Then there is the apparently bellicose Chinese reaction largely in the internal Chinese press. Any country is obligated to protest the detention of one of its leading citizens and to let its citizens know that it is loudly protesting. But consider a Friday story from the SCMP written by Zhou Xin, the head of the political economy section at the paper. “China has separated the arrest of Huawei’s chief financial officer Sabrina Meng Wanzhou from trade talks between Beijing and Washington" Gao Feng, a spokesman for the Ministry of Commerce, said on Thursday that he had no information at all about Meng’s case. Gao also said China was confident about reaching a trade deal with the United States within the 90-day truce agreed by the two sides in Argentina last weekend. Separately, Chinese foreign ministry spokesman Geng Shuang also refused to directly link the arrest of Meng – in Canada last Saturday at the request of the United States – with the trade negotiations.” That is an authoritative story outlining the official Chinese position.
Let’s be a little conspiratorial or, more precisely, try and create a narrative that fits the facts. It arguably serves everyone’s interests for Ms. Meng to be taught a lesson. It is in Bolton’s and the DoJ’s interest to send a message that access to power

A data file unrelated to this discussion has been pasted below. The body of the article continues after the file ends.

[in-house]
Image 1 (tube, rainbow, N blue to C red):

and connections does not buy you a get out of jail free card. It is in Xi’s interest, or at least in the interests of major portions of the Chinese government, to send a signal that even the extremely well-connected still have to toe the party line.
The detention did not involve any surprises. The charges against Meng were leveled three months before her arrest. The market reaction seemed to be based on the notion that this was a last-minute surprise. As for the Chinese, Xi and Company knows where everyone is going and when. They certainly knew that Meng was traveling to Vancouver, that she had a warrant for her arrest outstanding, and that Canada extradites to the U.S. They did nothing to warn her.
Why put Canada in the middle of it all? That one is easy. Plausible deniability. China can yell and scream about how horrible it is that America (via Canada) is detaining one of its leading citizens. It can plant stories to scare American executives that China will do the same thing to them and that Trump is the culprit. If she steps on American soil, then the negotiability of her fate ends. The machinery of the American justice system takes over. If Trump were to get involved then incoming House Intelligence Chair Adam Schiff could call it “obstruction of justice” and an “impeachable offense,” based on his current standards regarding those terms.